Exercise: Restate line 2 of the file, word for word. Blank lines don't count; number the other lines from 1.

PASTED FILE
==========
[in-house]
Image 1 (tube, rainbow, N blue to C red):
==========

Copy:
Image 1 (tube, rainbow, N blue to C red):